Then there is the rather grandiosely named Environment Pollution (Prevention and Control) Authority set up by the Supreme Court in 1986 for the National Capital Region only. Its latest directive indicates the nature of the problem. It questions why brick-kilns without requisite controls continue to operate, when the question should have been why brick-kilns are operating within a city at all. It also asks Haryana and UP to provide a compliance status on emissions norms decided in 2017, itself based on a plan of 2015. That’s illustrative of the powers enjoyed by a court directed body.
The EPA is also charged with implementing another court-mandated graded response action plan (GRAP) that comes into action when pollution reaches certain limits. The chair of one of its committees is an official from the CPCB, which makes the whole exercise rather a roundabout one, since clearly the CPCB couldn’t manage the required response in the first place.
Then, there is the Ministry of Environment, Forests and Climate Change, which has a bunch of departments under it, including the National Green Tribunal (NGT). That’s rather like locking the dog in a room and expecting it to guard the house. With all this intermeshing and overlapping, the mess is considerable, particularly since none of them have the powers to push any state to do its bidding, least of all the ministry.
Which is why the present government’s undoubtedly well thought-out Clean Air Programme is hamstrung, to begin with. Its mandate is stated as a ‘collaborative, multi-scale and cross-sectoral coordination between the relevant central ministries, state governments and local bodies’.
In ordinary language, that means that it’s nobody’s jurisdiction or responsibility. In Indian government circles, collaboration means delay and red tape, despite the best intentions of men at the top. No, someone has to crack the whip.
The case for a clean air Act for India, therefore, is laying down the law clearly and succinctly — without too many wherefores and whereaboutery, and then creating a single body to enforce it.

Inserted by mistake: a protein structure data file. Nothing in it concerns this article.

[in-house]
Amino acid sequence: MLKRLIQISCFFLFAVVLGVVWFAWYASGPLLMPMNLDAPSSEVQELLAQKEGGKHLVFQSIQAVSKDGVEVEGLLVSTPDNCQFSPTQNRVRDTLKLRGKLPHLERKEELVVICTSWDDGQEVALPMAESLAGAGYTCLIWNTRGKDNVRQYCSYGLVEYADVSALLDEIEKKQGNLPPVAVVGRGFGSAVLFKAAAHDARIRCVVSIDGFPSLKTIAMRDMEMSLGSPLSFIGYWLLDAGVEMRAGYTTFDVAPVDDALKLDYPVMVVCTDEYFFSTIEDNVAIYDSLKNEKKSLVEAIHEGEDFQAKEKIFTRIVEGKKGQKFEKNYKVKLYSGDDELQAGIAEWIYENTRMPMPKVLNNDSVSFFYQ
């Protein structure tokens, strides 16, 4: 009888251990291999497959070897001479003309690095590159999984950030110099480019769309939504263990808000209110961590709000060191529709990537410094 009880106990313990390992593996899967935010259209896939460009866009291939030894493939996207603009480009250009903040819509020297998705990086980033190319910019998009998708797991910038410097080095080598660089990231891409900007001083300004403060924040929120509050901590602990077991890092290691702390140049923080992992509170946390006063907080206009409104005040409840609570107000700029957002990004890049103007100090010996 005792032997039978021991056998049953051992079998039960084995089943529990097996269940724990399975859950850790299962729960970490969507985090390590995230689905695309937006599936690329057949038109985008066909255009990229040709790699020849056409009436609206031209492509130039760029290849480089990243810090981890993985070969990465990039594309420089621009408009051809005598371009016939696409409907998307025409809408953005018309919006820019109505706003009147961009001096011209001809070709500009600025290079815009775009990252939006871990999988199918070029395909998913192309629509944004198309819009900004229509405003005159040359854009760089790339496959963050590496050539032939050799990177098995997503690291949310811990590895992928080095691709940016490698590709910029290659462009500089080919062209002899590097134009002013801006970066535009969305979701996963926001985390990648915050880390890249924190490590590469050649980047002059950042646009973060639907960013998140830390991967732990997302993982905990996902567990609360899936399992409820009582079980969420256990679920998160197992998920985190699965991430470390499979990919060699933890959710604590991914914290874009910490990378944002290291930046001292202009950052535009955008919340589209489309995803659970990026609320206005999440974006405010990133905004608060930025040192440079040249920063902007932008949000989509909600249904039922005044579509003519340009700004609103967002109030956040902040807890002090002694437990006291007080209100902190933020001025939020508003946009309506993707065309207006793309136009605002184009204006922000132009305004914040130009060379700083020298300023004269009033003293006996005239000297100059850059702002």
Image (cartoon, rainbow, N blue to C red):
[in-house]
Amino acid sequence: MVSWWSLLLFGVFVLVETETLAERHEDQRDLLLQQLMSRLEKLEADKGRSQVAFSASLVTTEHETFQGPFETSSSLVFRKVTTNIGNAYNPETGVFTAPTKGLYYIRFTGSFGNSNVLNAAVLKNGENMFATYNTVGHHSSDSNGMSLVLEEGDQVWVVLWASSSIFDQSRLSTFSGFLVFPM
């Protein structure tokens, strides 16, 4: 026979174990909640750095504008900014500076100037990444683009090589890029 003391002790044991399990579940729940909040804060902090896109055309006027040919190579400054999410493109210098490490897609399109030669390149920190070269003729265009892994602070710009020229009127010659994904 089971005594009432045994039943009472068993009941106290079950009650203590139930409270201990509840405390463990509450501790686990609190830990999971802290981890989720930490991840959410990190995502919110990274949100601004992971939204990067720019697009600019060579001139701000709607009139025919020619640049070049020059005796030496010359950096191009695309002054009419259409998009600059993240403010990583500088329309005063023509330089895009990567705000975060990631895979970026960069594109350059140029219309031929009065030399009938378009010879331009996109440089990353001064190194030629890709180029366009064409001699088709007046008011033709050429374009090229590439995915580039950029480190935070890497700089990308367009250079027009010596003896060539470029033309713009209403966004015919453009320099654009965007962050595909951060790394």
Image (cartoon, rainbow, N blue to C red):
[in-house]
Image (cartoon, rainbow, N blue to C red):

An environmental protection agency for the country headed by a cabinet rank minister, and with expert staff to assist him would be entirely reasonable to a government that has ruthlessly streamlined gargantuan ministries before. Such an agency should also be able to source viable alternatives to, for instance, a highway that requires the felling of thousands of trees.
The key aspect of such a law would be that states — and not just cities — would be accountable for their emissions, with money and projects held back if they failed.
States may also be more amenable to the idea when they realise that there’s money in controlling pollution in diverse ways, including fines on industry and the public when they don’t comply with norms.
Meanwhile, there’s no time to lose. If precedent is any guide, post-disaster emissions could get worse, as the country struggles to find its economic feet. There are already signs of that as the environment minister clears project after project that will result in further degradation, and, inevitably, more zoonotic viruses.
Politicians who think that this problem will go away on their term are in for a rude shock. It’s not going anywhere, unless countries start correcting the natural ledger.